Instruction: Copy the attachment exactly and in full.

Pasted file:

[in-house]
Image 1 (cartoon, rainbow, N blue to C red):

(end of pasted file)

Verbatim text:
[in-house]
Image 1 (cartoon, rainbow, N blue to C red):